Segal turns tragedy into counseling career

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Segal turns tragedy into counseling
career
Michael Segal inspires others with his story of survival, resilience
By Claudia Feldman
April 17, 2015
Photo: Marie D. De Jesus, Staff
Social worker Michael Segal has helped raise funds for the new healing garden at Ben Taub Hospital. After his
own tragedy in 1981, he is an inspiration to patients with traumatic head injuries. ( Marie D. De Jesus / Houston
Chronicle )
No one coughed. No one sneezed or shuffled their feet.
Instead, there was silence in Harris County Commissioners Court the winter day that Michael
Segal, a public hospital social worker, was honored with what might have been a routine
proclamation.
An aide to Commissioner Steve Radack read slowly as she summarized the life and near death of
Segal, the first recipient of Ben Taub Hospital's "Keep Hope Alive" award.
After his recovery from a gunshot to the head, the resolution said, Segal finished his education,
then devoted himself to helping other trauma victims and their families. As an integral part of the
Ben Taub community, the proclamation said, he is constantly looking for ways to offer
encouragement - whether he is organizing family support groups, celebrating patients' birthdays or
cheering them on during their arduous rehabilitation.
"He's an amazing young man," Radack said. "When that happened to Michael, it rocked the whole
southwest side of town."
Segal, 54, sitting in his small office at Ben Taub, says he has told the story of grit and resilience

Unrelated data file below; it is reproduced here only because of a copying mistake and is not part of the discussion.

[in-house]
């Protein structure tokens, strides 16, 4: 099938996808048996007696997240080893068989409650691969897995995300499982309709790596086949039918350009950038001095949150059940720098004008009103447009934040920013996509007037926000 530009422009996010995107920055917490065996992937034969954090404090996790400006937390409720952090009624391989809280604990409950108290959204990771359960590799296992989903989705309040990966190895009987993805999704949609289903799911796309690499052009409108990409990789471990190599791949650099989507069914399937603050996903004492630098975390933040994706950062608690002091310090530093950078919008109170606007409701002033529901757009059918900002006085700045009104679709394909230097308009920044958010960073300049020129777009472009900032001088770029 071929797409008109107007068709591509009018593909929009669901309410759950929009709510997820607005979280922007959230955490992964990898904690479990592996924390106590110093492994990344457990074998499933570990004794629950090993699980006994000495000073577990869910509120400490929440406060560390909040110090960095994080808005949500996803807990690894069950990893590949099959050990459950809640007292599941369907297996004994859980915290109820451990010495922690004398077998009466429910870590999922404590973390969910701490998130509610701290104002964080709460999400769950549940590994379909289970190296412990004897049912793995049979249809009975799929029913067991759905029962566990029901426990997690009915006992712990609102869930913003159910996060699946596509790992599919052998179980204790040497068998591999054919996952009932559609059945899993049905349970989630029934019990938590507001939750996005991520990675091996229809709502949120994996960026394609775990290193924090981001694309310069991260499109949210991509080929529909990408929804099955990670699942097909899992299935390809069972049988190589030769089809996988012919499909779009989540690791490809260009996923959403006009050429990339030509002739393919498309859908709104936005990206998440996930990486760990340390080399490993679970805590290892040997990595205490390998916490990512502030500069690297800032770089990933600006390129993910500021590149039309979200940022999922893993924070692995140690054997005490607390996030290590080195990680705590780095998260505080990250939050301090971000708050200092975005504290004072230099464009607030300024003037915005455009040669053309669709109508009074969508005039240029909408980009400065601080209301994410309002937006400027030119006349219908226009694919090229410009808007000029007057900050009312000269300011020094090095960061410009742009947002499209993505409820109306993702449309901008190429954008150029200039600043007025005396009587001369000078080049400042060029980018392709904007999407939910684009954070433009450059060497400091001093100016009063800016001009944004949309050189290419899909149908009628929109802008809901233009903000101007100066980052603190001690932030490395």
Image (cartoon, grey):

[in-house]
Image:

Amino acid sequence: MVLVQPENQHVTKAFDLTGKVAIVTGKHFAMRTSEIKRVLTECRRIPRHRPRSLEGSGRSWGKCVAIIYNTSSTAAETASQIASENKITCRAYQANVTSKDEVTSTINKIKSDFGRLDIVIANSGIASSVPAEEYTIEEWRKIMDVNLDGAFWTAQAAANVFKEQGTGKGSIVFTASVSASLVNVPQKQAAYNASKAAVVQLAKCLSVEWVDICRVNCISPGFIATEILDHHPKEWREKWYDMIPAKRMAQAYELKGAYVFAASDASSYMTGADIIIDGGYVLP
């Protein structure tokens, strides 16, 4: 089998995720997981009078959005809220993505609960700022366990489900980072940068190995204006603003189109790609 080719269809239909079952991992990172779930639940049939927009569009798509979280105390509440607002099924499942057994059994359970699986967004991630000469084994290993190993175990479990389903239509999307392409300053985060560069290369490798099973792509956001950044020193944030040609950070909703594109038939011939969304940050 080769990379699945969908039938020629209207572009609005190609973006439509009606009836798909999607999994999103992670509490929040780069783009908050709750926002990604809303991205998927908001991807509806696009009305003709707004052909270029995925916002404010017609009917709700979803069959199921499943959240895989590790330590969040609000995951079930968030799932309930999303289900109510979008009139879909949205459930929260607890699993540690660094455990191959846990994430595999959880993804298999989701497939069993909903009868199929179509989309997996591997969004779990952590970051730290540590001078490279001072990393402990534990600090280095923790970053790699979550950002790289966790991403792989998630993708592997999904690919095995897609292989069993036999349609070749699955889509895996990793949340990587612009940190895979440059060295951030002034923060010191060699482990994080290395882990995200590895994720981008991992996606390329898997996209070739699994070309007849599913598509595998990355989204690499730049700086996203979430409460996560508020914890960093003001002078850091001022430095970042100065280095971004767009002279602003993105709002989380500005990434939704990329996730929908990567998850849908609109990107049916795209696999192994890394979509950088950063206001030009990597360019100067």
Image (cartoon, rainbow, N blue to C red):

hundreds, maybe thousands of times. When he thinks it useful, he tells it again.
Life-changing event
On Feb. 17, 1981, Segal and his girlfriend were driving back to her dorm after an evening at the
library. The students at the University of Texas at Austin hadn't gotten far when he realized he had
to stop for gas. It was then, as he stepped into the convenience store to pay his $2, his life changed
forever.
Segal, 19 at the time, had interrupted an armed robbery in progress.
He doesn't remember what happened after that, but his family and court records have filled in the
blanks. Three robbers forced him into the cooler in the back of the store. Then one of them put a
gun to the back of Segal's skull and pulled the trigger.
Segal's girlfriend, Sharon Weingarten, was still in the car but growing more worried by the
moment. When she entered the store, she screamed his name. Then it was a blur of paramedics,
police and emergency room doctors.
Segal says none of them thought he would survive the night. When he was still breathing the next
morning, a neurosurgeon prepared to operate.
But the doctor let the family know the young man's odds were poor to miserable.
"He said there was a 60-percent chance I'd die on the table, and a 100-percent chance I'd be a
vegetable."
By then, Segal's parents had made an agonizing, middle-of-the-night trip from Houston to Austin,
and they were looking for any sign of hope.
But there was none. Finally, Segal's dad, Rabbi Jack Segal, pulled Weingarten aside. "You heard
the doctor," he said. "If Michael survives, he'll be a vegetable. Go, get on with your life."
"You don't understand," Weingarten said. "Mike is my life."